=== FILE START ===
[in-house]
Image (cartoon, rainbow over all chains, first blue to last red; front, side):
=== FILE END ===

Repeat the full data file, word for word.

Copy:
[in-house]
Image (cartoon, rainbow over all chains, first blue to last red; front, side):